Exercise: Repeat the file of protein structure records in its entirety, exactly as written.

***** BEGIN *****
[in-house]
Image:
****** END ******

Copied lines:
[in-house]
Image: